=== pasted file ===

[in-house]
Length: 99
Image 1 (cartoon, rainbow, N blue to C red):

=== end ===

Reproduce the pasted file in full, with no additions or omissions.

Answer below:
[in-house]
Length: 99
Image 1 (cartoon, rainbow, N blue to C red):